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September 1, 2009

Brian's Song

When I heard that Brian Billick had written a book, I was pretty stoked. Finally, I thought, we’ll get the inside story on his surprising dismissal by the Ravens, his up-and-down relationship with Steve Bisciotti, that strange Super Bowl press conference during which he chastised the media for its treatment of Ray Lewis…and a lot of the other behind-the-purple-curtain stuff that we’ve all been wondering about since he was fired after the 2007 season.

So, when the publisher sent The Sun an advance copy of the manuscript – entitled “More Than a Game: The Glorious Present and Uncertain Future of the NFL” – I waded right in.

billicksunleft.bmpI’ll give Billick this much, he delivers an interesting take on the state of the sport and – in the early chapters – a primer on what it’s really like to be an NFL head coach. He brings along some additional wisdom from the guys he coached for and against, including Bill Walsh, Tony Dungy, Bill Cowher and more. And he proves that even a super-focused NFL coach is capable of seeing beyond his own horizon.

In the course of the 250-or-so pages, he travels across the football spectrum, explaining the Cover 2 defense in one chapter and the intricacies of the NFL Network’s various cable and satellite deals in another.

What he doesn’t do is what most readers in Ravenland probably will wish he had. He does not dish on the Ravens front office and Bisciotti. He has very little to say about the dynamic players who helped him win a Super Bowl. There is the occasional rationale for the way he handled a certain situation – the ill-fated attempt to develop Kyle Boller into a franchise quarterback comes to mind-- but the book is really not about the Ravens.

It’s more about Billick expanding his image as a major player on the NFL scene, which should be helpful in his new career as a television analyst and won’t be hurtful to any future opportunity to coach another NFL team.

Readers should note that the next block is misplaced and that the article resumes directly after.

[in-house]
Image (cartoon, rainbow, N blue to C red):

I don’t know if he was consciously playing it safe for future employment reasons, but it wouldn’t surprise me. I mean, I’ve seen the guy punt on fourth and short inside the 35 yard line. What I do know is that Billick is not interested in fading out of the NFL picture, and this book allows him to project himself more as a football statesman than just somebody manning the Telestrator in the FOX broadcast booth.

I’m not going to give away the ending, but Billick takes a look at the gathering labor storm that is threatening the NFL and offers advice to both the owners and players on how to navigate through it without damaging an extremely successful industry.

The book, which is co-written by Michael MacCambridge and hits the shelves next week, is a quick read that may enlighten you to some of the challenges of putting a winning – and losing – NFL team on the field, but you’re probably not going to come away feeling like you know a whole lot more about Billick and the Ravens than you did when you cracked it open.

Now that I’ve piqued your interest, I’ll be back in awhile with some more specific observations about Billick and his new book, including his aforementioned explanation for why Boller didn’t pan out.

Sun file photo

POLL: Will former Ravens coach Brian Billick coach again, and if so, at what level?

Posted by Peter Schmuck at 6:00 AM | | Comments (28)
Categories: Just football



Thanks for the summary. I will read the book. As many fans I've had mixed feelings about Billick, but one thing is for certain that is has a vast knowledge of the game

Hi Pete,

Thanks for the book report. Brian is the consumate politician and is smart enough not to burn any bridges so as to reatin his viability. His legacy, at this point is twofold: He brought a Super Bowl victory to Baltimore, and will always be remembered for his stubborn determination to turn a jumpy Kyle Boller into the franchise quarterback, thus ragging out one of the greatest defenses in NFL History in the process.